Wednesday, March 28, 2012
How to stop using trash bags
I told you in a previous post that I would talk more about how 6 months ago we
stopped using trash bags. Well, here we are.
I am guessing the first question everyone will ask is...
Just like the TP question. Everyone wants to know what is so
wrong with what many consider a must have, can not live without,
your nuts for not using it, household item.
It's made of plastic. Duh, I know. Many are not biodegradable or
can be recycled. That means it fills a landfill never to break down or
never to be recycled into anything else.The EPA estimates that nearly
100 billion to 1 trillion bags are used each year with less than 6% of
them being recycled. That is a lot of plastic. We won't even address
the process of making plastic and the air pollution. The fact is, we are
running out of room to bury this stuff. Consuming less or even better
stop consuming at all is the answer.
The next question we always get when we challenge the status quo on
things is always this :
"Well, what do you use instead?"
Our answer always causes that rapid blinking look that I find so entertaining.
We don't use anything.
That's right. Our trash cans are naked. Naked naked naked.
Now, some of you probably just threw up a little bit in your mouth on that
thought but I assure you, I am a germaphobe so it isn't all that gross.
I am going to show you how to get unhooked off those bags. But before
we go any further I wanted to say, if your using recycled or biodegradable
bags, kudos for you. I know that biodegradable ones exist, I just can
not justify the price on our income. And our thought is, it is best just to learn to do without.
Want a naked trash can? Here is how.
Compost. Easy enough. Nearly all of our food that is not edible goes into our compost.
We also add in grass clippings sometimes. Shredded paper as well.
We must have a wicked garden, right? No. We don't garden! However, that soil gets
used in potted plants, flower beds and the like. Even if you do not do those things here
is a great idea to get rid of your compost....give it away on Craiglist/Freecycle. You
will be overwhelmed at the people who will want your crap...I mean compost!
Recycle. We had up to that point recycled in a lazy way. We knew the basics. But
I went to our county recycling website and got a break down of the recycling. Now nearly
75% of our trash is recycled. Paper, glass, cardboard, plastics all go into our curbside
recycling program. Any plastic bags we get go back to store recycling. We try to avoid them
at all possible by using cloth shopping bags and mesh produce bags. Sometimes it is
unavoidable. Our county does not recycle Styrofoam but our local grocer, Publix does
recycle the egg trays. We have drop off points for magazines & newspapers. Office
supply stores recycle our ink cartridges, old cell phones and so on. The point is if you
take 15 minutes to research you can recycle nearly all of what you toss. With very little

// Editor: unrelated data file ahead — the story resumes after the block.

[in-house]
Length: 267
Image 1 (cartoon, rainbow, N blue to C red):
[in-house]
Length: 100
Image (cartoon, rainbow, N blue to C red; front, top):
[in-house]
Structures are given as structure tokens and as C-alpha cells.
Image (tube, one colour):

effort on your part.
Donate. Anything that is useable, we donate, sell or give away. There was a time
that we would just put the old beat up table down by the curb, *gasp*, I know.
Even things you think are not worth it can be used by someone else. Like I mentioned
above, old cell phones are recycled by organizations. Shoes , even beat up ones, are.
Our area has a diaper bank for any unused diapers. Whenever I see something in our
home that we no longer have a use for and I am not sure its worth anything to anyone,
I put it on Craigslist for free. I have never had an item not taken & used. There is always
someone who can use what you can not, I assure you.
What does that leave? Not a lot. We went from being a 4 curbside trash can family
a week to a half filled one can a week. We realized the #1 reason we lined our can was
for messy messes, like food. Once we eliminated that, we saw clearly that there
was no need to line our trash can. The poor thing is naked all the time now.
Is it easy to stop using trash bags? No, not at first. Because let's be honest,
do you really want to have to focus that much time on how to dispose of your
trash? Not what I enjoy doing either. But when I realized the key to conserving, less
consuming was all just a matter of a lot of brain work and little physical work then it
was just a no brainer for me to give it a try. Our transition from 4 curbside cans a week
to naked trash can took us 6 months. It was a constant process of, "where does this go?"
Looking for recycle symbols, referring to our local recycling center and digging yogurt
cups out of the trash while yelling at the kids & hubby. Fun times. But soon it became
second nature to question it. Soon it became the norm for the recycling can to be taken
out more than our trash needing to be taken out. It became our norm.
If you think this all too much for you. Then please, switched to biodegradable bags. If you
can't justify the cost (and they are a bit more than those hefty ones) then go to a landfill
just one time. I dare you. It's gross. I don't want my children's children to live on top of one
nor do I want that stuff to keep piling up. It was enough for me to know I had to do something.
Is it extreme? Maybe. But that is how I roll. I don't do things half way or to the norm extent.
But when I see how this earth is being taken care of, I question our stewardship to God. Or
rather, our lack there of. I am as far from a PETA tree hugging vegan as your ever going to meet.
I am a God fearing, raised in the South conservative folk who likes a good ol' juicy hamburger.
But I can't help but think, is this how God intended us to use what He blessed us with? When
it takes so little for us to do better? It is like the old saying...
When we know better, we do better.
~This post is being linked up over at Frugally Sustainable Link party "Frugal Days, Sustainable Way's #20" this week, go take a peek....it's awesome sauce!~